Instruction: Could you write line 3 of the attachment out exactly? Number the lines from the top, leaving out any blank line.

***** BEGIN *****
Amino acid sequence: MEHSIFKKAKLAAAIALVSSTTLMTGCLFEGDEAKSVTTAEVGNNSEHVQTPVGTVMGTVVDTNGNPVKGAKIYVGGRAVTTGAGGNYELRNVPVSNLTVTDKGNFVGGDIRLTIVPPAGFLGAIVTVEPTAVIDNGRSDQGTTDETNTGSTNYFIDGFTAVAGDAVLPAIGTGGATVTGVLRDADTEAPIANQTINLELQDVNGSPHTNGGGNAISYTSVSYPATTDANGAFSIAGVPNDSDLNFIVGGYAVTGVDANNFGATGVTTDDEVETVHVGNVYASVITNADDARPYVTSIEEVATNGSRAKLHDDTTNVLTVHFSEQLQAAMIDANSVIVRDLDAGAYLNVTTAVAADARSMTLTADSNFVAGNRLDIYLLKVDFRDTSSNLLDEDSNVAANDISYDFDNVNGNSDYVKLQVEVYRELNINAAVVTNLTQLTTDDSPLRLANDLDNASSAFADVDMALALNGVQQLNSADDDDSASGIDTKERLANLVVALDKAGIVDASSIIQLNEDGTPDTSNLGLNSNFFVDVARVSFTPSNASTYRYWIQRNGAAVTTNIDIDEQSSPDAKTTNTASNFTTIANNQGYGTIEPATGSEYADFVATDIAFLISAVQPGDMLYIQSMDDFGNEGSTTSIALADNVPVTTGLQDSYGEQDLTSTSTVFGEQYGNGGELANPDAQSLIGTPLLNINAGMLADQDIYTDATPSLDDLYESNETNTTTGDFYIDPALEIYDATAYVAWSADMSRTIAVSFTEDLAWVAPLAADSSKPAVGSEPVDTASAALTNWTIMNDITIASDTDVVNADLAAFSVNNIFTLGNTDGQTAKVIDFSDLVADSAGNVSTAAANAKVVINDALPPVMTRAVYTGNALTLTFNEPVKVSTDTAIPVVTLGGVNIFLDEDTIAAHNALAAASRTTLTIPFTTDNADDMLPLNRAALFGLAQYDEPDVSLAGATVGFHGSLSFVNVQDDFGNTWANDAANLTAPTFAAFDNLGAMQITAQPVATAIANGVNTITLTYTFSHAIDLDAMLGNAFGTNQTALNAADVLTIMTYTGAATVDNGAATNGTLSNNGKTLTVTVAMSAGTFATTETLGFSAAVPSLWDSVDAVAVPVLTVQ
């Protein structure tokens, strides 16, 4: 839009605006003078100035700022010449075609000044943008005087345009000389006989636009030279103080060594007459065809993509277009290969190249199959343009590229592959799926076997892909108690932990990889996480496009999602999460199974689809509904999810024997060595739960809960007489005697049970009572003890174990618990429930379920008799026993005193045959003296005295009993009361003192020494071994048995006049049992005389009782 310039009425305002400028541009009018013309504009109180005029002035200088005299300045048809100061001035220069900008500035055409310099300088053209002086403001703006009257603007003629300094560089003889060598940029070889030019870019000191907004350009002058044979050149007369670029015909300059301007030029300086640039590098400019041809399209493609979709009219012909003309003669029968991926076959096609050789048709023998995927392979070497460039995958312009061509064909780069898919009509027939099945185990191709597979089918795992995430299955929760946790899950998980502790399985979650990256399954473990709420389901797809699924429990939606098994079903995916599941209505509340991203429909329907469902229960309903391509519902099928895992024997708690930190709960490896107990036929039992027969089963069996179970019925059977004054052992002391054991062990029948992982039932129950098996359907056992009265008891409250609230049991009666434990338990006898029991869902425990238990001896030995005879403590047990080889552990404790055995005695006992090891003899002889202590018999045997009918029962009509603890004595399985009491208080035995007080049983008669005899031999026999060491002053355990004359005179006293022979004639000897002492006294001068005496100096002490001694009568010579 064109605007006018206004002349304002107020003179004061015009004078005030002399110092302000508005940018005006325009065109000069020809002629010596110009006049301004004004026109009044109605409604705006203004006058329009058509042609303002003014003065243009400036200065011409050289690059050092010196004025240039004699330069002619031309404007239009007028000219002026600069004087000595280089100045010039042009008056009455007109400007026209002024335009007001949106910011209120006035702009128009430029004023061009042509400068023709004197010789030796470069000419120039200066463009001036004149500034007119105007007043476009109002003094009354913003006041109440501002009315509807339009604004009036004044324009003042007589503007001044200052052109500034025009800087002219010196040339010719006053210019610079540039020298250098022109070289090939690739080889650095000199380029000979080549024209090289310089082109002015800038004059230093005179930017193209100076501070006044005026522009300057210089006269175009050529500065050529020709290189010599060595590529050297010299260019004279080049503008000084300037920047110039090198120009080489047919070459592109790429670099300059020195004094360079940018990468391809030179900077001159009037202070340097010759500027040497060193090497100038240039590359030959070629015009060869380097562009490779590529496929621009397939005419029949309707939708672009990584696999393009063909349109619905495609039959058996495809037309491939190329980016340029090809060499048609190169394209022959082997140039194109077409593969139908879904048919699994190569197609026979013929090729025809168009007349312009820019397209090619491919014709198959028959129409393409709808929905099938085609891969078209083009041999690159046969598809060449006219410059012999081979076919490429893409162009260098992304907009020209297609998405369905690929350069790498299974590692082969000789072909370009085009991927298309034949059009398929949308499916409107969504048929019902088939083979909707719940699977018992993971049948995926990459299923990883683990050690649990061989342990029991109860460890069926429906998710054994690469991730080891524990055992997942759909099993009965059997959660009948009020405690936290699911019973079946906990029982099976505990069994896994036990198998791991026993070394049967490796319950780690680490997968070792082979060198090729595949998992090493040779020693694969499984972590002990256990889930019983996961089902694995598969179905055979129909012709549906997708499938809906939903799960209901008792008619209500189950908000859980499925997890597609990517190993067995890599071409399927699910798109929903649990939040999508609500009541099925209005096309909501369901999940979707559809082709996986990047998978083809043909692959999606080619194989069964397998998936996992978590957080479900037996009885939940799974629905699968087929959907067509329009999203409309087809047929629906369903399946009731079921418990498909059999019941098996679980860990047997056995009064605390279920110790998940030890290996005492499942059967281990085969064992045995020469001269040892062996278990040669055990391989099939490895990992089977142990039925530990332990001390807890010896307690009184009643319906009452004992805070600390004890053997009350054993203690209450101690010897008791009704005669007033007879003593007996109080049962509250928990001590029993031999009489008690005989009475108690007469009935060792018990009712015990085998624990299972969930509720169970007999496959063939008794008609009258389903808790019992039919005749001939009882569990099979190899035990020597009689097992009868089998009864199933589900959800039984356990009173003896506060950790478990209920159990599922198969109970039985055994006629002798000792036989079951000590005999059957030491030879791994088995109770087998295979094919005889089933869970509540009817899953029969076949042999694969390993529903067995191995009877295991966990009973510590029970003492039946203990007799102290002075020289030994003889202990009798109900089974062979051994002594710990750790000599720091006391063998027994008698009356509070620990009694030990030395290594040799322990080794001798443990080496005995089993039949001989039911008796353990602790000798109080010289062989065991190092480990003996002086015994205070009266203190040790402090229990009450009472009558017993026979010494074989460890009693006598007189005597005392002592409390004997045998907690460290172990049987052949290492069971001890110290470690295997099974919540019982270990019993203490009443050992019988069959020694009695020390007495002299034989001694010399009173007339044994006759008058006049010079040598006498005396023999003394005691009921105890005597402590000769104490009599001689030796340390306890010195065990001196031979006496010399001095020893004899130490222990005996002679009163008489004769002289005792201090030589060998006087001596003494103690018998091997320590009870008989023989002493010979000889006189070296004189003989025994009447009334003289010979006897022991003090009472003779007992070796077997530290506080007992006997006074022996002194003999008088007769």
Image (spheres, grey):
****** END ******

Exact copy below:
Image (spheres, grey):